All entries for June 2007

June 28, 2007

Delyth George on Women Writers in Wales

Welsh literature before the latter half of the twentieth century is considered to have been something of a male preserve. It was a literature largely dominated by one genre – poetry, and within that genre one poetic form in particular was accorded the highest esteem, that is ‘cynghanedd’ or the ‘strict metres’. The formal complexities of the strict metres required that they be taught in special bardic schools, or through a close teacher-disciple relation, and such opportunities to learn the craft were not generally made available to women. Although feminist critics like Ceridwen Lloyd-Morgan and Marged Haycock have recently drawn our attention to the fact that a few women did manage, against the odds, to make something pf a name for themselves under these adverse conditions, in general they were necessarily few and far between. (199)

George, Delyth. ‘The strains of transition: contemporary Welsh-language novelists’. Our Sister’s Land: The Changing Identities of Women in Wales. Ed. Jane Aaron, Teresa Rees, Sandra Betts and Moira Vicentelli. Cardiff: University of Wales Press, 1994. 199 – 213.

June 26, 2007

Dylan Thomas, 'Fern Hill'

Now as I was young and easy under the apple boughs

About the lilting house and happy as the grass was green,

The night above the dingle starry,

              Time let me hail and climb

Golden in the heydays of his eyes,

And honoured among wagons I was prince of the apple towns

And once below a time I lordly had the trees and leaves

              Trail with daisies and barley

Down the rivers of the windfall light.


And as I was green and carefree, famous among the barns

About the happy yard and singing as the farm was home,

In the sun that is young once only,

              Time let me play and be

Golden in the mercy of his means,
And green and golden I was huntsman and herdsman, the calves

Sang to my horn, the foxes on the hills barked clear and cold,

              And the sabbath rang slowly

In the pebbles of the holy streams.


All the sun long it was running, it was lovely, the hay

Fields high as the house, the tunes from the chimneys, it was air

       And playing, lovely and watery

              And fire green as grass.

       And nightly under the simple stars

As I rode to sleep the owls were bearing the farm away,

All the moon long I heard, blessed among stables, the nightjars

                Flying with the ricks, and the horses

       Flashing into the dark.


And then to awake, and the farm, like a wanderer white

With the dew, come back, the cock on his shoulder: it was all

       Shining, it was Adam and maiden,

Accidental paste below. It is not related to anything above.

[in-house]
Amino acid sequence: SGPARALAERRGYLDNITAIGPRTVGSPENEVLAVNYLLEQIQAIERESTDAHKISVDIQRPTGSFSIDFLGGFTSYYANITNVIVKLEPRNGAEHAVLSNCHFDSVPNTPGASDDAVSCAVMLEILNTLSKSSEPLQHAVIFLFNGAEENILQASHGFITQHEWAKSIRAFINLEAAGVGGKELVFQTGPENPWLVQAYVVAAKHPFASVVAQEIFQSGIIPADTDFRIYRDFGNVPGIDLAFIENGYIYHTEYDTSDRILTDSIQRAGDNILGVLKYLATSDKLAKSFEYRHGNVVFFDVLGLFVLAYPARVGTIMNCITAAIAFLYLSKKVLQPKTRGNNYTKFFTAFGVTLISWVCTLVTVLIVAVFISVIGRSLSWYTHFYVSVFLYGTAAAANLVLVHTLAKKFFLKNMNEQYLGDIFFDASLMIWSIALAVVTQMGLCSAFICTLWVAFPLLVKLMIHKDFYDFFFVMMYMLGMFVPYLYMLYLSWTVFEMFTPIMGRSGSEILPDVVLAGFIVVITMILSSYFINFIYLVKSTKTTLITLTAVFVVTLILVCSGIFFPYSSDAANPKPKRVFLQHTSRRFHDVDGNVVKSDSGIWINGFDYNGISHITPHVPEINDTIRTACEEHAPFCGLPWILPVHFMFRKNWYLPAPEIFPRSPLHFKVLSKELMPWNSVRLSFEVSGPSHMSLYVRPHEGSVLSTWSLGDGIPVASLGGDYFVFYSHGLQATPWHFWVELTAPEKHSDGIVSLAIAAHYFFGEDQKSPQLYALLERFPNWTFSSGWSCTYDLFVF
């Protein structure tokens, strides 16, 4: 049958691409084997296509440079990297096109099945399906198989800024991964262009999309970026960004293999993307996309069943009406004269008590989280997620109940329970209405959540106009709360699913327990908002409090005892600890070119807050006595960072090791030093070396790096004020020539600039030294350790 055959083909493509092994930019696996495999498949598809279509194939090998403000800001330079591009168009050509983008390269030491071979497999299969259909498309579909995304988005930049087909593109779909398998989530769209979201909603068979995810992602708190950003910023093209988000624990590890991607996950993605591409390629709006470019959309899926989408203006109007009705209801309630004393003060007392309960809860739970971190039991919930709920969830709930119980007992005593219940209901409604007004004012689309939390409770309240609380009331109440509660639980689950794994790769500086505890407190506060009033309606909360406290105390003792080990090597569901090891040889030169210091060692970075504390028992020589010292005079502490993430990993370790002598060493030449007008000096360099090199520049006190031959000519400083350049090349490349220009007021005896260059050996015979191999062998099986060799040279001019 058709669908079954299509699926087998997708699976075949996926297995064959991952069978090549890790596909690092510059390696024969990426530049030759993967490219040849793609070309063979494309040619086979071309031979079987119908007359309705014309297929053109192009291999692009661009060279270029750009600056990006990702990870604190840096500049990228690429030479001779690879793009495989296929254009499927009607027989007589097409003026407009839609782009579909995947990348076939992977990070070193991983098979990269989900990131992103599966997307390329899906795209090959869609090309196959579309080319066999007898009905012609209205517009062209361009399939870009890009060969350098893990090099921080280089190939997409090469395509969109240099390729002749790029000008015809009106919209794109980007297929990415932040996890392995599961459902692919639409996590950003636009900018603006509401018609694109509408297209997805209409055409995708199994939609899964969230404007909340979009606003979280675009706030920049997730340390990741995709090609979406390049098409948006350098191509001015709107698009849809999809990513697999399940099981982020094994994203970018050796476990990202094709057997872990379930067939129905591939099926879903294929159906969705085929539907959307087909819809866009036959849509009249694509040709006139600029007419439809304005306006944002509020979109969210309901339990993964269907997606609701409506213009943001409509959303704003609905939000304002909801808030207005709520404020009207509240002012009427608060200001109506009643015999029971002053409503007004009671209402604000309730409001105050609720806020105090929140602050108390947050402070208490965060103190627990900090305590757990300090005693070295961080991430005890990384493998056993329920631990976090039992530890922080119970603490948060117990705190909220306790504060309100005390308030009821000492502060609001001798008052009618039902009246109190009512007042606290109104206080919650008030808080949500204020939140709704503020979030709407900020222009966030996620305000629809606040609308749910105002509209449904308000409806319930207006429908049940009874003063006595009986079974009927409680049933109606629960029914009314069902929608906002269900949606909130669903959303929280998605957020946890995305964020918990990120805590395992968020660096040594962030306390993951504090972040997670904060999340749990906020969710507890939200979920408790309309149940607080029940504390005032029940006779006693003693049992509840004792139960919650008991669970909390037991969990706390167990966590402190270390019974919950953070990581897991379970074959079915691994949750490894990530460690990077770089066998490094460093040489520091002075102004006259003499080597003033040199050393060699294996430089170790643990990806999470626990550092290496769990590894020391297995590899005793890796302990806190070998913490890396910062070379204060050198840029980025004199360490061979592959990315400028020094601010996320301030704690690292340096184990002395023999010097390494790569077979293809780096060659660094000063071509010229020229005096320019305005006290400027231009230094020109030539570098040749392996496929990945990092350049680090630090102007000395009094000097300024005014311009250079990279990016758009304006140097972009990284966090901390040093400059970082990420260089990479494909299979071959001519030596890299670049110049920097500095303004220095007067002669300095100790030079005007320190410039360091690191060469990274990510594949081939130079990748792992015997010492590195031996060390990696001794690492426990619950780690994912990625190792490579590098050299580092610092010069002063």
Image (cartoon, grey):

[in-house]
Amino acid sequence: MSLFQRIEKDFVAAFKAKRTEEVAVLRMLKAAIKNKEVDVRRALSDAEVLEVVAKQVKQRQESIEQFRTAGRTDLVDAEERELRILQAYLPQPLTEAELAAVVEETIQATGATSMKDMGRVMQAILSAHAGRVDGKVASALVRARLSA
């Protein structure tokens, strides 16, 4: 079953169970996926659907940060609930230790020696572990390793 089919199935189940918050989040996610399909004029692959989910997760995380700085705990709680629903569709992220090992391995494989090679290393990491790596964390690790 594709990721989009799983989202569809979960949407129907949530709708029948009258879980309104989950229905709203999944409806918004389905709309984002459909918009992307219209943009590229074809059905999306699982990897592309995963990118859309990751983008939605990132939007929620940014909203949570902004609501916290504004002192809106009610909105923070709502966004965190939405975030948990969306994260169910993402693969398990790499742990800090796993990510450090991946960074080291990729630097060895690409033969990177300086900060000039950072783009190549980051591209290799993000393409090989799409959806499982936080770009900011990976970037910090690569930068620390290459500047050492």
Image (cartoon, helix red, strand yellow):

The sky gathered again

       And the sun grew round that very day.

So it must have been after the birth of the simple light

In the first, spinning place, the spellbound horses walking warm

                Out of the whinnying green stable

       On to the fields of praise.


And honoured among foxes and pheasants by the gay house

Under the new made clouds and happy as the heart was long,

       In the sun born over and over,

                I ran my heedless ways,

       My wishes raced through the house high hay

And nothing I cared, at my sky blue trades, that time allows

In all his tuneful turning so few and such morning songs

              Before the children green and golden

       Follow him out of grace.


Nothing I cared, in the lamb white days, that time would take me

Up to the swallow thronged loft by the shadow of my hand,

       In the moon that is always rising,

                Nor that riding to sleep

       I should hear him fly with the high fields

And wake to the farm forever fled from the childless land.

Oh as I was young and easy in the mercy of his means,

              Time held me green and dying

       Though I sang in my chains like the sea.
Hear Dylan Thomas reading this poem at this link:
Thomas, Dylan. The Collected Poems. Ed. Walford Davies and Ralph Maud. London: J.M. Dent, 1988. 134 - 135.

R.S. Thomas, 'Judgment Day'

Yes, that’s how I was,
I know that face,
That bony figure
Without grace
Of flesh or limb;
In health happy,
Careless of the claim
Of the world’s sick
Or the world’s poor;
In pain craven—-
Lord, breathe once more
On that sad mirror,
Let me be lost
In mist for ever
Rather than own
Such bleak reflections.
Let me go back
On my two knees
Slowly to undo
The knot of life
That was tied there.

From Selected Poems: 1946-1968 (published 1986).

R.S. Thomas, 'Those Others'

A gofid gwerin gyfan / Yn fy ngbri fel taerni tân. – DEWIEMRYS

I have looked long at this land,
Trying to understand
My place in it—-why,
With each fertile country
So free of its room,
This was the cramped womb
At last took me in
From the void of unbeing.

Hate takes a long time
To grow in, and mine
Has increased from birth;
Not for the brute earth
That is strong here and clean
And plain in its meaning
As none of the books are
That tell but of the war

Of heart with head, leaving
The wild birds to sing
The best songs; I find
This hate’s for my own kind,
For men of the Welsh race
Who brood with dark face
Over their thin navel
To learn what to sell;

Yet not for them all either,
There are still those other
Castaways on a sea
Of grass, who call to me,
Clinging to their doomed farms;
Their hearts though rough are warm
And firm, and their slow wake
Through time bleeds for our sake.

From Selected Poems: 1946-1968 (published 1986).

R.S. Thomas, 'A Peasant'

Iago Prytherch his name, though, be it allowed,
Just an ordinary man of the bald Welsh hills,
Who pens a few sheep in a gap of cloud.